up and students to learn how they might deal with these and to gain
feedback on their interactions. This methodology allows students to be
‘themselves’ in a roleplay potentially creating an honest and personal
learning experience as opposed to playing ‘another’ as an actor would in
a play. Students appreciate these experiential opportunities if they are
offered by tutors who themselves demonstrate genuineness, respect, warmth,
concern and empathy.
Simulation is just that, and things are never the same in real life.
However, a laboratory type of learning situation allows for
experimentation, practice and reflection with techniques and strategies
that can be usefully drawn upon in real life encounters. Indeed, it could
be argued that simulation provides the ideal environment to allow students
to develop and practice cultural competence and flexibility in their
encounters with patients. Students do report that they have used
particular skills and phrases to help them when talking to patients. They
are able to consciously consider the effects that doctors’ communication
has on patients and to think about options.
However, the particular problem that arises is the assessment of
skills in the context of artificial situations and judged by a third
party. Deconstructing communication into its component skills and then
marking these is a dilemma we face in the name of standardisation. This
holds for much of the climate of assessment and appraisal we now find
ourselves in both in education and at work.
Whilst we might want to unpick some of the behaviours in teaching
settings and discuss constructively what they reveal about underlying
feelings and attitudes, this process is much more suspect when we come to
We need to find ways of supporting personal qualities and also
helping people learn what helps them to communicate effectively in their
professional role. Expectations of the doctor-patient relationship are
also changing and the danger of the charismatic personality is a potential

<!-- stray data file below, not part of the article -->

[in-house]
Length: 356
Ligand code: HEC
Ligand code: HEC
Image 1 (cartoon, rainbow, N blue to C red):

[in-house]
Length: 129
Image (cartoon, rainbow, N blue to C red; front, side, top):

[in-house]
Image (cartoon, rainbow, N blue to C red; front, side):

for perpetuating the paternalistic relationship. We shouldn’t throw out
the methods we have but perhaps need to be more honest about the strengths
and limitations of any approaches we use. After all, George Bernard Shaw
famously considered all professions as ‘conspiracies against the laity’
(Shaw 1946) and we must therefore aim to deconstruct some of the
Cohen-Cole, S. A. and J. Bird (2000). The medical interview : the
three-function approach. St. Louis, Mo. ; London, Mosby.
Kurtz, S. M., J. D. Silverman, et al. (1998). Teaching and learning
communication skills in medicine. Abingdon, Radcliffe Medical.
McWhinney, I. (1989). The need for transformed clinical method. In
Communicating with medical patients. Newbury Park, CA, Sage Publications.
O'Donnell, M. (2006). "The night Bernard Shaw taught us a lesson."
BMJ 333(7582): 1338-40.
Shaw, B. (1946). The Doctor's Dilemma. London, Penguin.
Silverman, J. D., S. M. Kurtz, et al. (2005). Skills for
communicating with patients. Oxford, Radcliffe Pub.
Simpson M, Buckman R, Stewart M, Maguire P, Lipkin M, Noack D and
Till J (1991) Doctor-patient communication: The Toronto consensus
statement. BMJ 303:1385-7
Dr Annie Cushing, Reader Clinical Communication Skills, Barts and The
London, Queen Mary’s School of Medicine & Dentistry, University of
Ms Jo Brown Senior Lecturer Clinical Communication Skills, St Georges
Medical School, University of London
Dr Dason Evans, Lecturer Medical Education and Sexual Health, Barts and
The London, Queen Mary’s School of Medicine & Dentistry, University of
Competing interests: No competing interests